Severely Mobility-Disabled People Assess the Quality of Their Lives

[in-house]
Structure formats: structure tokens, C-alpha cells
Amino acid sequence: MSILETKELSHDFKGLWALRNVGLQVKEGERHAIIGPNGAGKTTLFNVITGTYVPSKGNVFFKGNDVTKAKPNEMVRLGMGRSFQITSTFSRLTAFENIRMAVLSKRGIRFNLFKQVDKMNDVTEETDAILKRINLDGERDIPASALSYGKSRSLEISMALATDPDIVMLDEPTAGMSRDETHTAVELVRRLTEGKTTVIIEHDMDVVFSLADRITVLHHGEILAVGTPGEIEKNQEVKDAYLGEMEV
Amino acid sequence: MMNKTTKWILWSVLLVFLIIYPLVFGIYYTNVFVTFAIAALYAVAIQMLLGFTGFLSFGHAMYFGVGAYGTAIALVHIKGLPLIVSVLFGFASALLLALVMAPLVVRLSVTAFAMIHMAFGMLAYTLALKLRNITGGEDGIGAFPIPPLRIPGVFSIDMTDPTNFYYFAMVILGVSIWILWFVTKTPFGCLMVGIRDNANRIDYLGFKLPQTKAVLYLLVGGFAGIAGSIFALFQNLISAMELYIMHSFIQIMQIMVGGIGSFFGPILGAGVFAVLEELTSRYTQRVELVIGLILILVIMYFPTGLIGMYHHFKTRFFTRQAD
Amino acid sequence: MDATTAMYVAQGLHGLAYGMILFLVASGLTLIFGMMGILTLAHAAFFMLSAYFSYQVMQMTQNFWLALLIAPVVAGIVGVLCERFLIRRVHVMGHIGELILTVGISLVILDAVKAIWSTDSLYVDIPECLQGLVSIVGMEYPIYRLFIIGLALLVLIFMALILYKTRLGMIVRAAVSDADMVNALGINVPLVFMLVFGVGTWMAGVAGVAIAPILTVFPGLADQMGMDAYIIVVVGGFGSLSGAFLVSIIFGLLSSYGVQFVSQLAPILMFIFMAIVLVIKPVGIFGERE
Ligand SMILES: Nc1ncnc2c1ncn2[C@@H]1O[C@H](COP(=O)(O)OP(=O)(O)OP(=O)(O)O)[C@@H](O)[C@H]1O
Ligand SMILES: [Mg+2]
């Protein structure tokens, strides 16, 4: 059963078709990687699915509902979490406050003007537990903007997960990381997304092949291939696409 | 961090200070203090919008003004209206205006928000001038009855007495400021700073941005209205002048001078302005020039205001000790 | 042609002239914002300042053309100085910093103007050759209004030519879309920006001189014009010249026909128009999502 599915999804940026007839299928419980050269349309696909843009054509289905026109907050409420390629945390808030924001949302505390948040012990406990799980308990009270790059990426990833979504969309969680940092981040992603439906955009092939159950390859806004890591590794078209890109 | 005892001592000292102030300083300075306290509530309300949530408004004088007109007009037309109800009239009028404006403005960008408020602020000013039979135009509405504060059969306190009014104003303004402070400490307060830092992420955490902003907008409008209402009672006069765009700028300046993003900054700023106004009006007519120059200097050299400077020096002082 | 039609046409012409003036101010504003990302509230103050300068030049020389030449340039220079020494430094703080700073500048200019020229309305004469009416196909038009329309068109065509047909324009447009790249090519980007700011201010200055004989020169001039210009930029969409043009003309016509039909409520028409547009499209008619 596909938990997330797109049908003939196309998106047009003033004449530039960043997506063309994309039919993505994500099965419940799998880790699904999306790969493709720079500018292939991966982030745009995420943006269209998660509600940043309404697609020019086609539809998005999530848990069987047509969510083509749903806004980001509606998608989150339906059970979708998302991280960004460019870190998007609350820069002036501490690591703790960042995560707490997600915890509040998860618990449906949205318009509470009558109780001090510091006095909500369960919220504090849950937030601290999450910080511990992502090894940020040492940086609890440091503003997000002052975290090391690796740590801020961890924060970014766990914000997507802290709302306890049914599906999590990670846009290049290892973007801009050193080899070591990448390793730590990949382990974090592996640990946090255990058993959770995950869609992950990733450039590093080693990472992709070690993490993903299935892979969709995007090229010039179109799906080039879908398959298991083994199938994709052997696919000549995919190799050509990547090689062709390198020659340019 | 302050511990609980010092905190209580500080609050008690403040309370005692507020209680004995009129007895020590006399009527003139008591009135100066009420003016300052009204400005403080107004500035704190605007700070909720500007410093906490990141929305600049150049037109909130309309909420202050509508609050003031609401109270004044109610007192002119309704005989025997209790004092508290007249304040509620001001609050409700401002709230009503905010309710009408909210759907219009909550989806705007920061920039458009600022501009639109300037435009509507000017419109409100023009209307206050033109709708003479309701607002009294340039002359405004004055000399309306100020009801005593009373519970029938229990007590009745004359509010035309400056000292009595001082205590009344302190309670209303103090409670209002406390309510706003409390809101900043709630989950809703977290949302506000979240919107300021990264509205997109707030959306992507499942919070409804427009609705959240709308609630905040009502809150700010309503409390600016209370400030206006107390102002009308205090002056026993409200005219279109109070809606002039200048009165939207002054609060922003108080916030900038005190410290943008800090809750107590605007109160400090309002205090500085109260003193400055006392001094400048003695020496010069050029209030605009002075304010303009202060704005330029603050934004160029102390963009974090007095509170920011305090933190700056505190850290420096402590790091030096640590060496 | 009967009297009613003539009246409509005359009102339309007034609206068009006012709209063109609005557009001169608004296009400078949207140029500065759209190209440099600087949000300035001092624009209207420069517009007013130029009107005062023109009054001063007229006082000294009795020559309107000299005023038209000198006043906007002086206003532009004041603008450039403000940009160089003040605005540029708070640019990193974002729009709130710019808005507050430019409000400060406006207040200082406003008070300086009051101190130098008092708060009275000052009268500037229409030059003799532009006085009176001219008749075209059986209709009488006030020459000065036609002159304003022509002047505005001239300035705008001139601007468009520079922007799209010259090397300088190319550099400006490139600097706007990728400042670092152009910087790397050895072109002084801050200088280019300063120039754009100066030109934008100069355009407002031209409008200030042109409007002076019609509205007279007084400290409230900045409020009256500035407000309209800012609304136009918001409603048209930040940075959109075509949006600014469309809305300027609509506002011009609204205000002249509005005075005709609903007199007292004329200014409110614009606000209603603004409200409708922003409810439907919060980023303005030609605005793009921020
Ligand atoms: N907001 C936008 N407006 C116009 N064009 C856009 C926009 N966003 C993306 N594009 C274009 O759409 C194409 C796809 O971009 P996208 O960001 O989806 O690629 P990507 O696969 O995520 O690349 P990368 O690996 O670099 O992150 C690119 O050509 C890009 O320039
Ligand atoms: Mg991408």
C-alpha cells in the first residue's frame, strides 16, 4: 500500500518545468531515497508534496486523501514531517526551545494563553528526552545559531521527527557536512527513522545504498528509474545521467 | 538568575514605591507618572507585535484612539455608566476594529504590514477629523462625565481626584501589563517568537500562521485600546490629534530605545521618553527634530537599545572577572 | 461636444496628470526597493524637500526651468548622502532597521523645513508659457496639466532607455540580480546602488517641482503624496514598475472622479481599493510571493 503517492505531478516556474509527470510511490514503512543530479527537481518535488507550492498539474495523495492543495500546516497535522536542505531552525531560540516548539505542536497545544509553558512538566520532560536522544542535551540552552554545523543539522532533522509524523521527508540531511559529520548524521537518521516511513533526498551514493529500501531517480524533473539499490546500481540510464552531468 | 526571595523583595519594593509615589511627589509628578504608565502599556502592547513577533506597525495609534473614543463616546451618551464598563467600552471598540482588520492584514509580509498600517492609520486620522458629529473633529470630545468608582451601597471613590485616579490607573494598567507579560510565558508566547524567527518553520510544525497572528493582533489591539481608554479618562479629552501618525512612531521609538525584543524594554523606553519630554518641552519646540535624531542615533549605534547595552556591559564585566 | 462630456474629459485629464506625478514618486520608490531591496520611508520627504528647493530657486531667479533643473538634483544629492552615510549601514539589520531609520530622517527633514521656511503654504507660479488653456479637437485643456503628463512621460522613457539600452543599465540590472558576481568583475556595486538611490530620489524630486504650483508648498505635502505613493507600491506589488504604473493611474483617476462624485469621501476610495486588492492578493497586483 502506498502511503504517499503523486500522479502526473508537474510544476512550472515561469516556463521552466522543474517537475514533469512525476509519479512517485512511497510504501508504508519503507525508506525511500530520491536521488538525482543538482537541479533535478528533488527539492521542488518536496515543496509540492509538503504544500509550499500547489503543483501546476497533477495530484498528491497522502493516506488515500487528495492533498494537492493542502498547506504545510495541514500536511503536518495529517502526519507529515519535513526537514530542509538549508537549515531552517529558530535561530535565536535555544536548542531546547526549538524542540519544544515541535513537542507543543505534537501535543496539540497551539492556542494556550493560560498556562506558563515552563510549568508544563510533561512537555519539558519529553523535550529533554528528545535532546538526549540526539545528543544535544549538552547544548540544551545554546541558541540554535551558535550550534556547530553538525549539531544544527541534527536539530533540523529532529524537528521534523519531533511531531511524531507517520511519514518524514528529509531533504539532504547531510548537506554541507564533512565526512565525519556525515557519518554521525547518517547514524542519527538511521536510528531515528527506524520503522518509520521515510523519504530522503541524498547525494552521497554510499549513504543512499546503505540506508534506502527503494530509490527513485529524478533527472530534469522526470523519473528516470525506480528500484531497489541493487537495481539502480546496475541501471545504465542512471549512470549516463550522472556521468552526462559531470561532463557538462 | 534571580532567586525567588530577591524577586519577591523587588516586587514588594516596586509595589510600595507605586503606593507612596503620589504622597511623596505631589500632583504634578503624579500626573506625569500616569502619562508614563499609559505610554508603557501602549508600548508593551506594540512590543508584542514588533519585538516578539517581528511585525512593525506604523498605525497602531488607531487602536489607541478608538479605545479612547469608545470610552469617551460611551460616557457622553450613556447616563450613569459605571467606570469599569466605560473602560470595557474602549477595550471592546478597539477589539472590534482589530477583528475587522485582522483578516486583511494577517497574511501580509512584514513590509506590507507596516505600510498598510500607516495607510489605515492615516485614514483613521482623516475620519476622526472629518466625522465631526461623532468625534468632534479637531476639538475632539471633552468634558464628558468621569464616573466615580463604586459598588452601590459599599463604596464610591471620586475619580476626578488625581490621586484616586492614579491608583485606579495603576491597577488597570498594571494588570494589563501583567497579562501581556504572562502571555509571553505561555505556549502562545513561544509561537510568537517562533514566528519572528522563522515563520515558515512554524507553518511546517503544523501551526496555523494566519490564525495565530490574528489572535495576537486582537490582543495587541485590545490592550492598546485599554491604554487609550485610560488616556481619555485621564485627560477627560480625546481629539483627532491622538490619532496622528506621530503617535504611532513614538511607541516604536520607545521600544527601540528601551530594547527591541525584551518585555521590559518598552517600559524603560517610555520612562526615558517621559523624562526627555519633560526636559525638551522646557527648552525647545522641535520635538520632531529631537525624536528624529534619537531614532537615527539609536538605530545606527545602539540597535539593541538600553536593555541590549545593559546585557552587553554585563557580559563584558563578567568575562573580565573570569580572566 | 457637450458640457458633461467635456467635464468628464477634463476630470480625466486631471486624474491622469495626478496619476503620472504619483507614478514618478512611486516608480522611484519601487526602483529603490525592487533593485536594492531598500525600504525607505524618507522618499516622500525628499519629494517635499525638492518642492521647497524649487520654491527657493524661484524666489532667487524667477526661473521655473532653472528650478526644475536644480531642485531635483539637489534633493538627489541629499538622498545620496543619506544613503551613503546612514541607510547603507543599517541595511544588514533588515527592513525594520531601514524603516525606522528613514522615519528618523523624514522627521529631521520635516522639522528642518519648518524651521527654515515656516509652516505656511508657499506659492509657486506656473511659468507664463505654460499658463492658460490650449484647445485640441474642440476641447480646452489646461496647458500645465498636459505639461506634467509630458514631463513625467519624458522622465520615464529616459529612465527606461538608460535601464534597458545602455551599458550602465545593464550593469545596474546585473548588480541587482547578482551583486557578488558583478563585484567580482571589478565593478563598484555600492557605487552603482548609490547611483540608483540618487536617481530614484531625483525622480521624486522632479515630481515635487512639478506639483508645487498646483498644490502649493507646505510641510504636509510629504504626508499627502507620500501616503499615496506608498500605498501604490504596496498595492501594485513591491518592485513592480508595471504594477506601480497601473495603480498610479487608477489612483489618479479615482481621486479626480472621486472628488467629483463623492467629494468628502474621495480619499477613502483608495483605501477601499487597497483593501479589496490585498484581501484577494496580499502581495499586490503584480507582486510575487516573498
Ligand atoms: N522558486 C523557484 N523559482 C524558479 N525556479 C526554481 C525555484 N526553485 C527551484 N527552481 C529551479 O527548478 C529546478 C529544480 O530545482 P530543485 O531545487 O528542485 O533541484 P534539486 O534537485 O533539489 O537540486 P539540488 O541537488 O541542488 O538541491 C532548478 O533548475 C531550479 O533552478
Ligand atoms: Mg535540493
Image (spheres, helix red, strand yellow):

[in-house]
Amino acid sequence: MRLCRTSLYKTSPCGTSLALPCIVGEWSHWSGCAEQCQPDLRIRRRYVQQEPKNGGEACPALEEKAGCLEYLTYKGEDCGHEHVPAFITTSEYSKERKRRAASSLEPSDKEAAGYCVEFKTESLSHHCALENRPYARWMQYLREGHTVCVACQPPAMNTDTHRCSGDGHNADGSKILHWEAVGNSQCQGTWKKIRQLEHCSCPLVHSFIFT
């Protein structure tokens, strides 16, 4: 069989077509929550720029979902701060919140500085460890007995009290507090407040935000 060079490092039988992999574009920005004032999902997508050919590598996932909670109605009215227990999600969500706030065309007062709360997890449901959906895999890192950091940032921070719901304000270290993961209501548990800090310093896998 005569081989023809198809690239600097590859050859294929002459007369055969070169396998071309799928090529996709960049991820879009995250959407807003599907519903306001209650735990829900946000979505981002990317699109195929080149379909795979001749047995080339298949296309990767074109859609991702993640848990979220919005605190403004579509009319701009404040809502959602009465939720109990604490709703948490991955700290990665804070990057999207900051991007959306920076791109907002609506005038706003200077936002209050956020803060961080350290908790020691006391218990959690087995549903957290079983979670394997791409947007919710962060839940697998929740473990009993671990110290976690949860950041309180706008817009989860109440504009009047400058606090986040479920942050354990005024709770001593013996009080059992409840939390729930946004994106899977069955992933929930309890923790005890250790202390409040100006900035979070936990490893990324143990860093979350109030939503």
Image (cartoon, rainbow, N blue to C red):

Thirty-six severely mobility-disabled subjects aged 24-52 years using a wheelchair and in need of daily assistance and 36 non-handicapped, matched control-subjects were interviewed. They were asked to rank 30 different abilities involving physical and mental functions, interpersonal and social relationships, and to rate their overall quality of life (QOL) on a 0-10 point scale. Among the severely mobility-disabled subjects the mean value of self-reported QOL was 8.0, which differs only slightly from 8.3 among the controls. The mean QOL among the disabled showed no significant difference regarding congenital/acquired and progressive/permanent disability. The 'abilities' ranked 1-9 were not directly related to mobility and corresponded among the disabled and non-handicapped. The functions lacked by the severely mobility-disabled persons were rated as less important by the disabled. The undiminished QOL is probably a result of personal adjustment, compensation by medical rehabilitation and society, as well as positive features of the disability.
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